The True King Comes

John 12:12-22 Jesus now enters Jerusalem as the great king. However, he rides on a donkey, not a war horse. He is not surrounded by an army or by captured slaves, and yet, the crowds still lay down palm branches and shout “Hosanna.” They think he will be a national liberator. Yet he rides in on a donkey, fulfilling Zechariah’s prophecy as one who brings “peace to the nations,” not who conquers the nations (Zech 9:10). Indeed, here comes our king, and he will be a kind of king the world has never seen. Join us this Sunday as we celebrate Palm Sunday in October.

Extravagant Devotion

John 12:1-11 In John 12, Jesus goes back to the place of hostility, to Bethany near Jerusalem, where he has an intimate meal with his friends Mary, Martha and Lazarus. In the middle of dinner, Mary anoints Jesus’ feet with very expensive perfume, worth an entire year’s wages. Out of extravagant love, joy and thanksgiving for Jesus, Mary acts with abandon in her worship of him, and she fills the entire house with the aroma of life. Authentic worship of Jesus, our Savior and King, is never merely private. It always spills over onto others. Join us this Sunday to explore this amazing scene.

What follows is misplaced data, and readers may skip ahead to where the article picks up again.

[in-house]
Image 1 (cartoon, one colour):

The Ugliness of Religion

John 11:45-57 This week we see the fallout of the raising of Lazarus, and it is not good. The Religious Authorities meet to decide the fate of Jesus. And what we see are defining characteristics of “religion,” and they are ugly: a desire for power, a desire for control and a desire to exalt self. John interprets the response of the Religious Authorities by pointing us in the right direction, we are not children of religion, rather we are “children of God.” Over against the ugliness of religion, we are invited into a beautiful relationship of love as children of a good, good father.